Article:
You’re missing exactly what I’m saying. In fact, your second statement…
…agrees with my previous statement…
My complaint isn’t whether it’s led by a black or gay woman. What irks me is that the emphasis of the article is about it being a black person or a gay person. Wouldn’t the sum of the person be more than their sexuality or what they look like?
Instead of putting “Gay comic hero Batwoman gets TV series,” why not just say “Batwoman gets TV series” and the in the article they can talk about her being gay as much as they want? Why not put “‘Buffy the Vampire Slayer’ Series Reboot In Works” and then mention that the lead character is Black in the story?
Why does the sexual identity or the race/ethnicity of a character BECOME the story?
What I absolutely hate is when people throw in “the black guy” or “the gay girl” or whatever into a show simply to meet the status quo and their sole purpose is to be the black character or the gay character, instead of actually developing the character themselves. You don’t need a token character to fill out some checklist. Make a good character A GOOD CHARACTER, and I’m happy with 100% of them being gay or black.
But the emphasis of a TV show should not be pandering to what the sexuality of a character is or the color of a character is unless the show itself is about that character’s sexuality or the color of that character. And, last I knew, Batwoman was about Batwoman and Buffy the Vampire Slayers was about vampire slaying.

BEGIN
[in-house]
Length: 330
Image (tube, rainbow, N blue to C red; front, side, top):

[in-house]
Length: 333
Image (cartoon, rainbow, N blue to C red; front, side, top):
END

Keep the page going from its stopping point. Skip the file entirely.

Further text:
I’m the kind of person who looks at other people are people. Not for their complexion or who the kind of person they’d like to be in a relationship with. I look at people as PEOPLE.
I apologize for not remembering the name of the film, but a few years ago there was a movie that came out with a mostly black cast and it was followed by a number of articles stating “Black Comedy, Surprise hit at Box Office!” and myself, along with several of my black friends, wondered why they had to go out of their way to emphasize “black comedy” in the headline. Isn’t comedy universal? Why does it matter what color something is to be funny? Is there a different class system for comedy based on race or ethnicity? If it is funny, wouldn’t everyone find it funny? But, yet, you had 100 places all referring to it as a “black comedy.” Last I checked, no one referred to anything as a “white comedy.” So why do people feel the need to segregate “black comedy” from everything else? Even worse, was the idea that a comedy featuring mostly black actors had to be considered a “surprise” amongst Hollywood. Do so many people in the industry think so lowly of films that one with a predominantly black cast actually succeeding would be a “surprise” to everyone?
As a gay man, do you want to be known as “the gay man,” or would you rather want to be known as a “thoughtful, insightful, caring person who just happens to be gay.” Personally, I respect you too much to consider you as the former. But only you know which you would prefer people thinking of you as.
And you don’t need to respond if you don’t want to, nor to you need to justify your reasons to me as to why.